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Jack Bodkin
Author
Briarhill to Brooklyn
Jack Bodkin, author

Adult; General Fiction (including literary and historical); (Market)

Briarhill to Brooklyn is a work of creative nonfiction, in which I tell the story of my Irish family’s journey from Galway on a coffin ship named Cushlamachree. The family—John and Eleanor Bodkin, and seven of their children—began their journey on St. Patrick’s Day, 1848. Their destination was Brooklyn. The main characters in my book are real people—and the locations, events, and timelines are generally historically accurate. Some of the book is fact, but much of the story is fiction. The tale I tell in Briarhill to Brooklyn relates what I have imagined about my Irish ancestors’ lives between 1848 and 1902. It is fiction sewn together with places, names, and dates I have found in my research. The prologue sets the stage for the immigrants’ story, using the retrospective voice of a first-person narrator. The narrator—one of the young siblings—describes the family crowding around the table in their Briarhill cottage for a meal of potatoes boiled with a turnip and butter from a neighbor’s cow. The young storyteller recalls his mam speaking to his da: “John, for the future of our children, we must go to America.” British parliament’s role in the starvation of the Irish people is clear from the opening pages of Briarhill to Brooklyn, and you will understand the tragic conditions in famine-era Galway City as the narrator relates the startling images he encounters walking down William Street in the ancient city. The early chapters establish the novel’s several storylines, and the first half of the book is consumed by the family’s final few days in Ireland, their voyage across the Atlantic, and the Cushlamachree’s landing in Manhattan. An unimaginable hurdle confronts the family after they arrive in Brooklyn, but the siblings survive and assimilate into New York’s burgeoning and contentious melting pot. America's Civil War presents another curve in the family's path, but they persevere on their journey to freedom and opportunity.
Reviews
Bodkin weaves readers through a tapestry of decades across the Atlantic and back, sharing his family’s history, struggles, and migration to America in this creative nonfiction tribute. The large Bodkin family, rooted in Briarhill, Ireland, endured many historic struggles in the mid-1800s. As The Great Famine raged on, millions starved in desolation. Heartbreaking tales pull the reader in during early chapters as Bodkin eloquently introduces family members. In one instance, loving father Séamus makes the difficult decision to take himself and toddler daughter Honora from Inis Mór to the mainland, with only the young child surviving the perilous journey. Honora, becoming Nora, proves a blessing to the Bodkin matriarch’s sister, and later joins the family on the voyage to America. As Bodkin writes, their expedition on the Cushlamachree ship was more than dangerous, punctuated with moments of hardship and love, but ultimately worth the risk for the Bodkin clan.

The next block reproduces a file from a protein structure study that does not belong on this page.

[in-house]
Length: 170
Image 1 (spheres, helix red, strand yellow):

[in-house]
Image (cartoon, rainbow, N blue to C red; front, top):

In a delicate yet deliberate manner, author Bodkin keeps the reader in check with the realities of the world around his family in the 19th century. War, famine, revolution, and the industrial age touch the lives of every sibling. Grounded in their Catholic faith, the Bodkin children persevered in the new world of Brooklyn, and America’s many opportunities. The figure of uncle Laurence, steadfast and dependable, proves a heartening presence in many chapters, as the bishop blesses potato patches, teaches the children botany and history, and guides the family’s transition into the New World. Bodkin brings together the family’s adult children in a solemn celebration decades later, as they recount their fond memories of the homeland.

Readers who enjoy family lineage stories will revel in this beautifully written account of the tight bonds of the Bodkins, complete with fictionalized but persuasive dialogue. Briarhill to Brooklyn keeps their traditions alive while forging ahead, extending geographies and building on their legacy.

Takeaway: The memorable account of an Irish family’s journey to America and a new life, lovingly told.

Great for fans of: James R. Barrett’s The Irish Way, Gerard R. D'Alessio’s Leaving: Three Generations of an Irish Immigrant Family.

Production grades
Cover: A
Design and typography: A
Illustrations: A
Editing: A-
Marketing copy: A

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